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Theater: When air travel was fun – and even funny

By Carrie Humphreys
For the Observer

From takeoff to landing, “Boeing-Boeing” soars as the ultimate classical farce, listed in the Guinness Book of Records as the most performed French play worldwide. But you won’t cruise “up, up and away” through this jet-propelled romp. There’s turbulence. So fasten your seat belts.

Playwright Marc Camoletti writes about the “coffee, tea or me” Swinging ’60s and Bernard, an American bachelor architect living in Paris, who is engaged to three stewardesses.

Should we suspect a crash landing?

Fortunately, the stewardesses all work for three different airlines with three different layover schedules. Thanks to Bernard’s keen study of flight schedules, his trio of fiancées have no inkling of one another’s existences, enabling Bernard to share his apartment with them one at a time. He has their comings and goings timetabled with such precision that he can drop off his TWA girlfriend for her outgoing flight and pick up his inbound Lufthansa girlfriend on the very same trip to the airport while his Alitalia girlfriend is in a holding pattern elsewhere.

“The secret is order – pure mathematics,” explains Bernard, played by Tom Newmister, who propels the high flying shenanigans.

Bernard’s perfect life gets bumpy when a new and speedier Boeing jet throws off all of his careful planning. Soon all three stewardesses are in town simultaneously. Catastrophe looms.

Bernard’s “international harem” includes the spunky, take-charge Gloria from America played by Mary O’Donnell; the sassy and straight forward Gabriella from Italy played by Ariane Lieberman; and the strong and passionate Gretchen from Germany played by Robin Hearl.

Add to the mix Bernard’s visiting school chum Robert from Wisconsin, played by Robbie O’Donnell, who “wants in” on the action, and a reluctant housekeeper named Bertie, played by Jo Camlin, who tries to keep it all from falling apart.

Bertie, who rearranges the apartment and prepares special foods for each of the fiances, says she likes “a little bit of fun,” but the whirlwind of Bernard’s existence is “no life for a maid.”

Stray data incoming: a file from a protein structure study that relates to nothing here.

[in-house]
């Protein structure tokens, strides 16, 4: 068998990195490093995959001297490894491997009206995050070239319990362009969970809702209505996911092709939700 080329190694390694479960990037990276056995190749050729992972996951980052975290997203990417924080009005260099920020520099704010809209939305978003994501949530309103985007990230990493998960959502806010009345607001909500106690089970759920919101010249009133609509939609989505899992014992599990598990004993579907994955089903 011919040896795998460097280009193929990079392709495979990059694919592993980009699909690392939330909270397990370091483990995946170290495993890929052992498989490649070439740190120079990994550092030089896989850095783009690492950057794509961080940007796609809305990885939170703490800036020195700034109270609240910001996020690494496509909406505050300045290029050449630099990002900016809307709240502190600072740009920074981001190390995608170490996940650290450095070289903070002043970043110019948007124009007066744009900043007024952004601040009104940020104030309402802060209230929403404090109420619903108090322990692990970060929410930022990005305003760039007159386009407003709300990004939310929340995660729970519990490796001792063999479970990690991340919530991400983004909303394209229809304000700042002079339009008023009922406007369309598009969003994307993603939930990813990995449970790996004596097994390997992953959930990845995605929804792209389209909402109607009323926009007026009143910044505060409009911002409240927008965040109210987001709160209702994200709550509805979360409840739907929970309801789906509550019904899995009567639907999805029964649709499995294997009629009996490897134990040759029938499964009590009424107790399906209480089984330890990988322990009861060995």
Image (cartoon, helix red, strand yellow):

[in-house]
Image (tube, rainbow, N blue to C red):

This sexy, high-spirited production has all the makings of hilarious community theater and was an obvious choice for the Swamp Fox Players and veteran director Inge Ebert, who thrives on theatrical humor. (The movie version starred Jerry Lewis, Tony Curtis and Thelma Ritter.)

Ebert loves to make people laugh, “and I like to laugh myself,” she said.

Ebert said directing takes about six months out of your life, but she was willing to take on the commitment. “I’ve been after the rights to this play for years. It just now opened up to community theater and we’re one of the first ones to get permission to do it,” she said.

Ebert chose her actors with care. “They are awfully good,” she said. “I always allow my actors and actresses to have their input because if they are uncomfortable then, I say, ‘Let’s see what we can do about it.’ I need them to feel at home on the set. And if they have an idea to make it funnier by all means let’s hear it.”

Timing is Ebert’s obvious challenge. “Making sure the actors know exactly when to make their entrance. Timing is the thing with every comedy and this one, in particular, requires split second timing,” she said.

If you go

What: “Boeing-Boeing” by Marc Camoletti

When: April 26, May 2, 3, 8-10 at 8 p.m. May 4 and 11 at 2:30 p.m.

Where: Strand Theater, Georgetown

How much: $15. Call 527-2924 for tickets

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